New Report on the Livelihoods of Tobacco and Former Tobacco Farmers Amidst Fierce Public Debates on Tobacco Taxes

Tobacco taxation is proven to be one of the most effective tobacco control policies. A significant increase in tobacco excise taxes typically increases tobacco prices, leading to decreases in tobacco consumption. Indonesia has recently made some advances in tobacco tax policy, while there remains significant room for improvement. The 2nd edition of the Tobacconomics Cigarette Tax Scorecard shows that Indonesia made some improvement between 2018 and 2020, including increases in cigarette prices, reduction of cigarette affordability, and an increase in the tax share of price, though some of the improvement in affordability was the result of economic decline at the beginning of the COVID-19 pandemic. The initial momentum of a good-sized excise tax increase was lost in 2021, when the Ministry of Finance reduced the increase to an average of 12.5%, which is not sufficient to stay ahead of inflation and economic growth. Importantly, there were no advances in efforts to reform the complex multi-tiered tax structure, which hinders the effectiveness of the tobacco excise tax policy, because it gives smokers many opportunities to “trade down” to cheaper products.

One of the persistent narratives against a progressive tobacco tax policy in the public debate—promoted vigorously by the tobacco industry— is the adverse impact taxation would allegedly have on the livelihoods of workers in the tobacco sector, particularly tobacco farmers. Yet this narrative is not backed by any rigorous research about the dynamics of tobacco farming and the alternatives to tobacco farming. In fact, results from surveys of tobacco farming households in several countries show that tobacco farming is often not a profitable endeavor. Consistent to these global findings, studies conducted in Indonesia with former and current tobacco farmers show that former tobacco farmers derived higher incomes farming non-tobacco crops in both good and challenging farming years. Former tobacco farmers were found to have a more diverse economic portfolio, while tobacco farmers relied mostly on agricultural income. A recent study shows that tobacco farming is negatively correlated with the income of farming households. 

To better understand the dynamics of tobacco farming, researchers at the Universitas Gadjah Mada, the Tobacconomics team at the University of Illinois at Chicago, the Australian National University, and McGill University released the report of the third wave survey of tobacco and former tobacco farmers in Indonesia.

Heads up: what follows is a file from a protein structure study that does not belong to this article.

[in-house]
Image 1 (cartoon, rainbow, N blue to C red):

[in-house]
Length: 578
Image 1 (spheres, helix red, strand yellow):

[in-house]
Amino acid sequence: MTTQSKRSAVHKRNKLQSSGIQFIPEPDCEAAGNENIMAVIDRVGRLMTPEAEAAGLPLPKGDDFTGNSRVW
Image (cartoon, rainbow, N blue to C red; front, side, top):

The key findings are:

  • A typical former tobacco farmer generated higher income than a typical current tobacco farmer.
  • The more stable and higher household income of former tobacco farmers can be explained, among other things, by their diverse income portfolio.
  • Higher tobacco farming income in Survey Wave 2 and Wave 3 compared to Wave 1 is largely explained by volatility in prices and volume of tobacco leaf sold.
  • At the same time, tobacco farmers bear significantly higher input costs per hectare than former tobacco farmers do. About a quarter of tobacco farmers reported needing loans for tobacco farming inputs partly due to these high input costs.
  • Tobacco farming is a much more labor-intensive endeavor than non-tobacco farming, and therefore, tobacco farmers bear considerably larger costs of household and hired labor.
  • One of the consequences of large labor demands and the poor returns is the persistent use of child labor as evident in the study data (which is based on farmers’ self-reporting and therefore we believe, an underestimate).
  • Consistently across waves, low leaf price is the main cited reason for tobacco farmers’ willingness to shift from tobacco.
  • Poverty rates among tobacco farmers are significantly higher than the nationwide poverty rate

A significant increase in tobacco excise taxes, which is claimed to lower the demand for tobacco, would encourage tobacco farmers to shift to growing non-tobacco crops and open new opportunities to pursue more economically viable and sustainable livelihoods. That said, several challenges face tobacco farmers’ ability to shift away from tobacco farming. For some farmers, tobacco is one of only a few cash crops that can grow in the harsh dry season in Indonesia. 

Therefore, we recommend the following policy options to central and local governments:

  • identify and develop reliable and adequate sources of water and concomitant irrigation systems for non-tobacco farming in the dry season
  • establish agricultural extension services to educate farmers on different cash crops suitable for local conditions
  • incentivize the establishment of farmer groups to develop value chains for common crops
  • provide better information on crops that are in demand in local and adjacent markets through the agricultural extension services or other media
  • utilize the earmarked tobacco excise tax revenue to support the aforementioned programs.